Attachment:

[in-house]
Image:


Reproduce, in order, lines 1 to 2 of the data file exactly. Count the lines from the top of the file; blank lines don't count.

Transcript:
[in-house]
Image: